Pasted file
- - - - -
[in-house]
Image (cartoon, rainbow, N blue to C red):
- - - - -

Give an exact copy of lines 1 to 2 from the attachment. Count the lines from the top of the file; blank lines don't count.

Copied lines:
[in-house]
Image (cartoon, rainbow, N blue to C red):